Chasing success on your fitness journey can make you feel like everything needs to be perfect.
Taking the time to research and decide how you work out can be just as important as the actual moving part.
And deciding on whether a full-body workout is better than targeted splits can get pretty overwhelming, but it doesn’t have to be as difficult as it seems.
All you need to decide is what you aim to achieve from working out.
Both methods have a ton of health benefits, but is one truly better than the other?
Is it a set-in-stone fact that full-body workouts are better than targeted splits?
Well, the short answer isn’t going to be the most helpful here – yes and no.
Full-body workouts CAN be better than targeted splits in some circumstances, but in others, targeted splits are probably more effective.
A targeted split can be a lot more effective when trying to build muscle in specific areas or increase your strength, whereas a full-body workout is awesome if we are trying to be a bit more intense with our fitness regime, and use a lot more calories than we usually would.
In this article, we are going to be discussing whether a full-body workout is the better choice for a home workout, or if we can train our full-body every day!
Home workouts are best for convenience, with no commuting after a long day at work or waiting in a queue just to use the bench press.
I love working out from home.
I love it so much I even wrote a book about it, which you can pick up for free here for in-depth knowledge on training wherever, whenever.
My Ebook ‘Train Wherever The F*ck You Want’ is awesome for beginners or experienced fitness-goers alike!
Anyway, you probably made the jump to home workouts to save a bit of time, and fit some much-needed exercise into your hectic schedule.
A full-body workout is one that, as suggested in the name, regularly trains your whole body, and can give you the opportunity to train your body less often. Sometimes, our lifestyle can only fit a few workouts a week and a full-body workout is perfect in these situations!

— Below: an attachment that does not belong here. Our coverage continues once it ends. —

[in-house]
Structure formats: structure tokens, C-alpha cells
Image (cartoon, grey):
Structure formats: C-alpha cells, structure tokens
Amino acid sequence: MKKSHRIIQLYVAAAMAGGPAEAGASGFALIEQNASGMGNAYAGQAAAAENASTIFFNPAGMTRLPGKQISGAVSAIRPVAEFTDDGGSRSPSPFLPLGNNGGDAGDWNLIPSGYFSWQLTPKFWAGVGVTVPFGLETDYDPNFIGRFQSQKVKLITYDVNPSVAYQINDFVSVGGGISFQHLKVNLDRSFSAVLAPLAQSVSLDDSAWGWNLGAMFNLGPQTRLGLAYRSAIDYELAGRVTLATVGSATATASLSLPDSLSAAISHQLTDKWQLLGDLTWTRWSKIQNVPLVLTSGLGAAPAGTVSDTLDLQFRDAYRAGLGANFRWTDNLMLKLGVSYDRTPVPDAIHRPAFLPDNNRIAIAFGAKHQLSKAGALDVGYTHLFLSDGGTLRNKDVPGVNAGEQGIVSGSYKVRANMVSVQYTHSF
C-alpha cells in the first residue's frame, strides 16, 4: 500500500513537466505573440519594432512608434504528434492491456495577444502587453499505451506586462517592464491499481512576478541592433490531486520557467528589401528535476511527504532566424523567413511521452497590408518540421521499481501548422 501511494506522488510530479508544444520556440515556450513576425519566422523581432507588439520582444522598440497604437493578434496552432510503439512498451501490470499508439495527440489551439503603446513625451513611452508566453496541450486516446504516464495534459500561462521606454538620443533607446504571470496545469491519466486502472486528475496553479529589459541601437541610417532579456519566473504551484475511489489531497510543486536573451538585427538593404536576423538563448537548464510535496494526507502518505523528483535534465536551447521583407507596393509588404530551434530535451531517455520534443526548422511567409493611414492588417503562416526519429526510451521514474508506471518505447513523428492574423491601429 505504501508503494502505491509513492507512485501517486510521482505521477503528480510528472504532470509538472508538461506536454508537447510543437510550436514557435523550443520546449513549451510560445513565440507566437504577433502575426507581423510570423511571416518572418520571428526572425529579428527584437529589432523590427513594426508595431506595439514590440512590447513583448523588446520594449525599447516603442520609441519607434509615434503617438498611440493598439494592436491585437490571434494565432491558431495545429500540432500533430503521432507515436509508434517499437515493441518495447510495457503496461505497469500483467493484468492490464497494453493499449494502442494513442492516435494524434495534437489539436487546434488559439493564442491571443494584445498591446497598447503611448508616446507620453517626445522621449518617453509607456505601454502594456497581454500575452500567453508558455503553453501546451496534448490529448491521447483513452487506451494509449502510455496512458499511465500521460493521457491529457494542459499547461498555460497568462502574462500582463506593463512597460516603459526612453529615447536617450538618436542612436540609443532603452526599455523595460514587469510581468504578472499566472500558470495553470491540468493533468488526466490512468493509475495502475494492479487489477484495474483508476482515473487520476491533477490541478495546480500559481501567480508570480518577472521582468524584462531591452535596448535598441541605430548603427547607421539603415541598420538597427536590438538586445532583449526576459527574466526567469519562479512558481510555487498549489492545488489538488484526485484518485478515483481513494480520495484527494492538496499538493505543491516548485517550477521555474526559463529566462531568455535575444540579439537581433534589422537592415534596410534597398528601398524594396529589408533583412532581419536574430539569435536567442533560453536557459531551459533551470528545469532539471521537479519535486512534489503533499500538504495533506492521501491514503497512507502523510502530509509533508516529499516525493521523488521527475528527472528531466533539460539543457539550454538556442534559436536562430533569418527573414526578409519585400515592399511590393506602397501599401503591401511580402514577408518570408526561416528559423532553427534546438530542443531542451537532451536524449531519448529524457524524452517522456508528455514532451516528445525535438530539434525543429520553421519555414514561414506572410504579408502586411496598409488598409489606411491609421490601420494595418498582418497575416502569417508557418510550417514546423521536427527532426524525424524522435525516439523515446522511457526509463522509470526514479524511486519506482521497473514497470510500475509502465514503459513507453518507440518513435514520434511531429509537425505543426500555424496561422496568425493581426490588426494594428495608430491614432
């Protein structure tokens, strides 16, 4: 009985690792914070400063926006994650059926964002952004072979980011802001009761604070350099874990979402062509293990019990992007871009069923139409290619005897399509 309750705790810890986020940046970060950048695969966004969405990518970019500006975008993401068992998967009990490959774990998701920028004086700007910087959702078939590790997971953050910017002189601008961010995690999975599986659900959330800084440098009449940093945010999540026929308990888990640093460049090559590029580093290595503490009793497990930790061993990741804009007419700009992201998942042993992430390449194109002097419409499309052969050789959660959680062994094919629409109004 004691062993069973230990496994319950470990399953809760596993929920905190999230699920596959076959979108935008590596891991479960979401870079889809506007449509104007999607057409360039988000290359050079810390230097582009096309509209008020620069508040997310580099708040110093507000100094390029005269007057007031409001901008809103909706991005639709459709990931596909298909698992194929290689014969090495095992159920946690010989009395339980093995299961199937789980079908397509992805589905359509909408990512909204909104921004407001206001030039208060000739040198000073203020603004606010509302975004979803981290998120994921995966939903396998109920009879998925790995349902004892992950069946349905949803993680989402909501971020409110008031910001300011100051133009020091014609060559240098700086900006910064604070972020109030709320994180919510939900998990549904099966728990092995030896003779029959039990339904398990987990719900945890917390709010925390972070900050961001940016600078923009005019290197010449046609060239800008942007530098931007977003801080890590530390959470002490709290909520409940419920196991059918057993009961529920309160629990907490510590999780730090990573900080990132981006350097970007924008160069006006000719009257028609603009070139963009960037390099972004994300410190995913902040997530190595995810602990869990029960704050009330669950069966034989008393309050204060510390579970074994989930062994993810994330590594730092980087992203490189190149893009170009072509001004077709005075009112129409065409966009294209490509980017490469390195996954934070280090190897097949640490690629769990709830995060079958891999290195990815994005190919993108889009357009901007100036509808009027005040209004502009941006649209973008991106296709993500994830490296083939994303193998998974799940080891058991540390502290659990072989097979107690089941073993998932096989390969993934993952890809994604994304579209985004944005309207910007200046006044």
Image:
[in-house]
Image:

If you are using your bodyweight and bodyweight only to train, a full-body workout may be the better option than targeted splits.
As explained in this article here, bodyweight exercises work, no matter your daily fitness goals.
A push-up, pull-up, or squat are well-known exercises that train your whole body.
This means if we put these in a training plan, we can see improvements in the strength, and size, of our whole body!
My only negative with training your full body at home, or in fact anywhere, is fatigue.
This can limit how you train for strength, and if strength is our goal, then we may have to consider targeted splits!
If you’re looking to get yourself some equipment for your home gym then head over and see my friends at Dmoose.
They have everything you need to get yourself set up.
It is not a secret – a full-body workout will expend a hell of a lot more calories.
What does this mean?
Fat loss is a lot easier.
If we are working more of our body in a workout, we are going to effectively be stimulating all our muscles, from the upper body to the lower body, in one session.
This will cause more calories to be burnt in one session.
If we combine this with a diet that puts us in a calorie deficit, the weight will shred right off!
Another reason full-body workouts are more effective at weight loss is due to them usually incorporating compound workouts.
These are extremely efficient at improving not only your weight loss journey, but also improve your cardiovascular health.
Compound workouts require more blood to the muscles to oxygenate them, increasing the amount your heart has to work, as well as increasing the energy required by the body.
Intensity is a big factor in weight loss. If someone is doing a targeted split with more intensity, e.g a High-intensity interval training regime (HIIT), they may burn more calories than a full-body workout, so remember to up the intensity if we require more calories to be burnt.